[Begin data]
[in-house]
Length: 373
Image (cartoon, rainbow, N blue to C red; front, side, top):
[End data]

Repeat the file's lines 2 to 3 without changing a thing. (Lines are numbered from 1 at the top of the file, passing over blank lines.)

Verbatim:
Length: 373
Image (cartoon, rainbow, N blue to C red; front, side, top):